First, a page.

Two-thirds of mental health cases untreated
NEARLY two-thirds of Australians with mental disorders are missing out on medical care, despite the billions of dollars committed to mental health by successive governments.
Findings from the 2007 National Survey of Mental Health and Wellbeing reveal that almost half the 8841 Australians (aged 16-85 years) surveyed had experienced a mental disorder, with one in five having a mental disorder in the preceding 12 months.
Despite these numbers, only 34% of those with a mental disorder had used services for mental health problems in the previous 12 months.
“Despite the substantial impact of mental disorders on wellbeing and functioning, the majority of people... do not receive care for mental health problems from any health professional,” the authors said.
Study author Professor Gavin Andrews, from the school of psychiatry at the University of NSW, said the finding was unexpected, as he believed at least 40% of people would be accessing mental health services.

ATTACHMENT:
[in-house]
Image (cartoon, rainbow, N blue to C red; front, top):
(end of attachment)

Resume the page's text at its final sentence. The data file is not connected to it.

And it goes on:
“It’s certainly a surprise because the Better Access to Mental Health Care arrangements had been in place for a year by the time the survey was done,” he said.
The most commonly accessed medical services were community providers, especially GPs, who were visited by a quarter of those with a mental disorder.
Visits to psychologists by those with affective disorders nearly doubled from the previous national survey, in 1997, with 23% of these patients accessing their services in 2007.
Dr Nicole Highet (PhD), psychologist and deputy CEO of beyondblue, said more people were seeking someone who they identified as having specialist skills, which was an aim of the Better Outcomes program.
“In that way, it’s working,” she said. However, she believed that the data could show that “only the more educated, well-off people are getting the treatment”.
The overall rates of mental disorders remained static over the decade. The prevalence of anxiety disorders, the most commonly diagnosed mental disorder in the 12 months before the survey, increased from 9% of patients in 1997 to 14% in 2007.
Affective disorders were experienced by 6.2% of respondents, and 5.1% of those surveyed had substance use disorders.
“People expect depression is higher because it has been given a greater profile,” Dr Highet said.